EP19960918813 EP0783752B1 (en) 1995-07-19 1996-07-09 Reversible multitrack magnetic tape storage system with multiframe error protection facility

Publications (2)

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EP0783752A1 EP0783752A1 (en) 1997-07-16
EP0783752B1 true EP0783752B1 (en) 2002-11-27

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EP19960918813 Expired - Lifetime EP0783752B1 (en) 1995-07-19 1996-07-09 Reversible multitrack magnetic tape storage system with multiframe error protection facility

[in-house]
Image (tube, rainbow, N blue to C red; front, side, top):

Country Status (6)

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US (1) US5907564A (en)
EP (1) EP0783752B1 (en)
JP (1) JPH10505938A (en)
KR (1) KR970706573A (en)
DE (2) DE69625031T2 (en)
WO (1) WO1997004454A2 (en)

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Also Published As

Publication number Publication date
WO1997004454A3 (en) 1997-03-06
DE69625031T2 (en) 2003-07-10
US5907564A (en) 1999-05-25
WO1997004454A2 (en) 1997-02-06
DE69625031D1 (en) 2003-01-09
JPH10505938A (en) 1998-06-09
KR970706573A (en) 1997-11-03
EP0783752A1 (en) 1997-07-16